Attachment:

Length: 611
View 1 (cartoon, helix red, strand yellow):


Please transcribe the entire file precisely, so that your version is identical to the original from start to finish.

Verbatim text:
Length: 611
View 1 (cartoon, helix red, strand yellow):